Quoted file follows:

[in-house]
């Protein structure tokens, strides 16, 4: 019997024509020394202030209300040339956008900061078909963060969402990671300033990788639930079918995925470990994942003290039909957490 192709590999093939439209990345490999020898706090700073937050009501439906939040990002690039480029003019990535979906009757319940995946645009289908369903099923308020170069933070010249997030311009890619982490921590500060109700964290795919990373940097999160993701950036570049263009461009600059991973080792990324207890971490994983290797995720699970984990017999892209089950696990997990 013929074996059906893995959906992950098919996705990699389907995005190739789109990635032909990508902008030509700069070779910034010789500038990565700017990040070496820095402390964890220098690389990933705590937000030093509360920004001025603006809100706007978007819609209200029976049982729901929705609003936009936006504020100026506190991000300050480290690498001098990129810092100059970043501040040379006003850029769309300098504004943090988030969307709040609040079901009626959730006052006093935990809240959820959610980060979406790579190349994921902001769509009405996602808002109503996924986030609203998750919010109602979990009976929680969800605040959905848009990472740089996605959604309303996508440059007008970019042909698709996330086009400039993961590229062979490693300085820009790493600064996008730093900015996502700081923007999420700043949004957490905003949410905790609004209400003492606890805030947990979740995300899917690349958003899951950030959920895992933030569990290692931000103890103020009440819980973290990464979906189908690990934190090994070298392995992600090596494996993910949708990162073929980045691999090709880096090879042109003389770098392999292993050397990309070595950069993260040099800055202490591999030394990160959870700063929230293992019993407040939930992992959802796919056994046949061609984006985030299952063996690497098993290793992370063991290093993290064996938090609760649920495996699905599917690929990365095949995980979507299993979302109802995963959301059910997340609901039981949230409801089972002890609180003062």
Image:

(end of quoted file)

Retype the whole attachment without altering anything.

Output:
[in-house]
């Protein structure tokens, strides 16, 4: 019997024509020394202030209300040339956008900061078909963060969402990671300033990788639930079918995925470990994942003290039909957490 192709590999093939439209990345490999020898706090700073937050009501439906939040990002690039480029003019990535979906009757319940995946645009289908369903099923308020170069933070010249997030311009890619982490921590500060109700964290795919990373940097999160993701950036570049263009461009600059991973080792990324207890971490994983290797995720699970984990017999892209089950696990997990 013929074996059906893995959906992950098919996705990699389907995005190739789109990635032909990508902008030509700069070779910034010789500038990565700017990040070496820095402390964890220098690389990933705590937000030093509360920004001025603006809100706007978007819609209200029976049982729901929705609003936009936006504020100026506190991000300050480290690498001098990129810092100059970043501040040379006003850029769309300098504004943090988030969307709040609040079901009626959730006052006093935990809240959820959610980060979406790579190349994921902001769509009405996602808002109503996924986030609203998750919010109602979990009976929680969800605040959905848009990472740089996605959604309303996508440059007008970019042909698709996330086009400039993961590229062979490693300085820009790493600064996008730093900015996502700081923007999420700043949004957490905003949410905790609004209400003492606890805030947990979740995300899917690349958003899951950030959920895992933030569990290692931000103890103020009440819980973290990464979906189908690990934190090994070298392995992600090596494996993910949708990162073929980045691999090709880096090879042109003389770098392999292993050397990309070595950069993260040099800055202490591999030394990160959870700063929230293992019993407040939930992992959802796919056994046949061609984006985030299952063996690497098993290793992370063991290093993290064996938090609760649920495996699905599917690929990365095949995980979507299993979302109802995963959301059910997340609901039981949230409801089972002890609180003062």
Image: